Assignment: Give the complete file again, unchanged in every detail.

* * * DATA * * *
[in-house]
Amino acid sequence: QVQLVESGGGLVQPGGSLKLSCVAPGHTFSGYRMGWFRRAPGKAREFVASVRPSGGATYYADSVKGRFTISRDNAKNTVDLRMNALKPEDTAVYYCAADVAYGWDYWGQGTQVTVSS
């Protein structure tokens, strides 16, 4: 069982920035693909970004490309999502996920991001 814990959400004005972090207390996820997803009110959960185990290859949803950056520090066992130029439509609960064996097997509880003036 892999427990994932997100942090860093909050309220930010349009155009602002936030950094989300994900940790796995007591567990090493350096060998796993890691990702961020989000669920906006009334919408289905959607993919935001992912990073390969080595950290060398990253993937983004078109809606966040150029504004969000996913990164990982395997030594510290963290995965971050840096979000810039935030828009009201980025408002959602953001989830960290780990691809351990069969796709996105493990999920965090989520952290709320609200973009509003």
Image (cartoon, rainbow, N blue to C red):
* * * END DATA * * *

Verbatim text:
[in-house]
Amino acid sequence: QVQLVESGGGLVQPGGSLKLSCVAPGHTFSGYRMGWFRRAPGKAREFVASVRPSGGATYYADSVKGRFTISRDNAKNTVDLRMNALKPEDTAVYYCAADVAYGWDYWGQGTQVTVSS
């Protein structure tokens, strides 16, 4: 069982920035693909970004490309999502996920991001 814990959400004005972090207390996820997803009110959960185990290859949803950056520090066992130029439509609960064996097997509880003036 892999427990994932997100942090860093909050309220930010349009155009602002936030950094989300994900940790796995007591567990090493350096060998796993890691990702961020989000669920906006009334919408289905959607993919935001992912990073390969080595950290060398990253993937983004078109809606966040150029504004969000996913990164990982395997030594510290963290995965971050840096979000810039935030828009009201980025408002959602953001989830960290780990691809351990069969796709996105493990999920965090989520952290709320609200973009509003």
Image (cartoon, rainbow, N blue to C red):